Loyola is a private, Jesuit, Catholic liberal arts institution in uptown New Orleans. Loyola has 60+ majors across three colleges: Arts and Sciences, Business Administration and Music and Fine Arts.
Founded in 1912, Loyola University New Orleans has an over 100 year old tradition of excellence. A private, Jesuit, Catholic liberal arts institution located in historic uptown New Orleans, Loyola boasts over 60 undergraduate academic majors spread across three colleges: College of Arts and Sciences, College of Business Administration, College of Music and Fine Arts. With upwards of 100 on-campus organizations, Loyola students continually make a difference both in New Orleans and beyond.
With an average class size of 18 and a 10:1 student to faculty ratio, Loyola students are active, engaged and never just a number. This intimate teaching setting, combined with awardwinning faculty and academic programs, makes for a world class education that you can’t find anywhere else. At Loyola, we educate the whole person, thereby providing big school experiences with small school relationships.
We consistently rank among the top regional colleges and universities in the South and one of the top 60 in the United States. Our students have been awarded British Marshall, Fulbright, Goldwater, Mellon, Mitchell, and Rhodes scholarships, and have been included as USA Today's top students.
Loyola is part of the Jesuit educational network, one of the largest systems in American higher education. This rich history and Jesuit influence dates back to the early 18th century when the Jesuits first arrived among the earliest settlers in New Orleans and Louisiana. The Jesuits are renowned for liberal arts; a value-centered education of the whole person; and a commitment to lifelong learning, social justice, and service.
Now more than ever, our students are offered an education like no other in the United States. They will become actively engaged in the creation of a strong future for both a city and a region. The opportunities for community service and other completely unique experiences cannot be duplicated at any national institution of higher learning.
Accredited by the AACSB and recognized by U.S. News & World Report as one of the "Best Business Programs" in the country, the College of Business is equally proud of its consistent wins at the American Marketing Association competitions. For undergraduate business majors who wish to complete an MBA degree at Loyola, a 5-year program is available.
Within the College of Business Administration, all students participate in Loyola's Portfolio Program; a series of 8 noncredit semester courses. With topics focusing on personal development freshmen year to job search planning and interviewing senior year, Loyola Business students are prepared. As part of this program, small groups of students will be matched up with successful business executives from the New Orleans area. The mentors meet with their groups throughout the year in settings as diverse as networking mixers on campus to informal meetings with the mentor's business associates at local restaurants.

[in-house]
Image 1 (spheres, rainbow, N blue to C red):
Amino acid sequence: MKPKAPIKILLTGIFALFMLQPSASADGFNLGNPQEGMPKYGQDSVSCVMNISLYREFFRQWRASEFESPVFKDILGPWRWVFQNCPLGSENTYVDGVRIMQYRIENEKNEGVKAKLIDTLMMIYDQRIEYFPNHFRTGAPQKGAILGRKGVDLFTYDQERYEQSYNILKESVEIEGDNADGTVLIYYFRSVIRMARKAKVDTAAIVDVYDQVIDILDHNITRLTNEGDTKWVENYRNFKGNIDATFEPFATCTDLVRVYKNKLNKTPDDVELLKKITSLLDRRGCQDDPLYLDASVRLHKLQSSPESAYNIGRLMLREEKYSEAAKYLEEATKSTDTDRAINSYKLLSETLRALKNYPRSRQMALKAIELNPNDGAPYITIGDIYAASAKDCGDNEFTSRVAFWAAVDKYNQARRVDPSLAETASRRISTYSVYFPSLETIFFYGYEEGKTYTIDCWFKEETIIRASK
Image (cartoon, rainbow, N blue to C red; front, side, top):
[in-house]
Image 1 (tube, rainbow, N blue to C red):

Within the College of Arts and Sciences, the School of Mass Communication houses award winning programs in public relations, journalism and advertising. This includes the Loyola Bateman team which has won numerous national competitions sponsored by the Public Relations Student Society of America (PRSSA), the Pacemaker Award winning student newspaper, The Maroon, and a studentled advertising and PR team.
Within the College of Music and Fine Arts, Loyola students are given first-hand access to the thriving film industry in New Orleans with the Digital Filmmaking program, the opportunity to learn from Grammy award winners in the Popular and Commercial Music program and countless options to perform at one of the cities countless live music venues.
The Loyola College of Law offers the Early Admission Program to Loyola students interested in attending law school. This program allows qualified Loyola undergraduates the opportunity to matriculate to the College of Law after their junior year.
there is a general sense of goodwill among the Loyola community."
The Jeanne Clery Act requires colleges and universities to disclose their security policies, keep a public crime log, publish an annual crime report and provide timely warnings to students and campus employees about a crime posing an immediate or ongoing threat to students and campus employees.
Please visit The Princeton Review’s page on campus safety for additional resources: http://www.princetonreview.com/safety
The Princeton Review publishes links directly to each school's Campus Security Reports where available. Applicants can also access all school-specific campus safety information using the Campus Safety and Security Data Analysis Cutting Tool provided by the Office of Postsecondary Education of the U.S. Department of Education: http://ope.ed.gov/security